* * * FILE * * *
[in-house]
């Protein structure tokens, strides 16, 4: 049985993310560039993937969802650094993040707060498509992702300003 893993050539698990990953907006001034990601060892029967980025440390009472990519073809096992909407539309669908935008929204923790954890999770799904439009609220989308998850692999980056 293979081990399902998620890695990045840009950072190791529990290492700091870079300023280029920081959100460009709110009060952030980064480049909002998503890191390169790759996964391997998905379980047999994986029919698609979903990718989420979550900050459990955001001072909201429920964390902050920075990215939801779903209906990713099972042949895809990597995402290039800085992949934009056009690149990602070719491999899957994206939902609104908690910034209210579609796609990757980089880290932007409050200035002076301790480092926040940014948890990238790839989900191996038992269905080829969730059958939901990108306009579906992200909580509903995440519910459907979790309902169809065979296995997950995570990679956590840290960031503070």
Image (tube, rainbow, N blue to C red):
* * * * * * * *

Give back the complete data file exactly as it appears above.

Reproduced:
[in-house]
């Protein structure tokens, strides 16, 4: 049985993310560039993937969802650094993040707060498509992702300003 893993050539698990990953907006001034990601060892029967980025440390009472990519073809096992909407539309669908935008929204923790954890999770799904439009609220989308998850692999980056 293979081990399902998620890695990045840009950072190791529990290492700091870079300023280029920081959100460009709110009060952030980064480049909002998503890191390169790759996964391997998905379980047999994986029919698609979903990718989420979550900050459990955001001072909201429920964390902050920075990215939801779903209906990713099972042949895809990597995402290039800085992949934009056009690149990602070719491999899957994206939902609104908690910034209210579609796609990757980089880290932007409050200035002076301790480092926040940014948890990238790839989900191996038992269905080829969730059958939901990108306009579906992200909580509903995440519910459907979790309902169809065979296995997950995570990679956590840290960031503070």
Image (tube, rainbow, N blue to C red):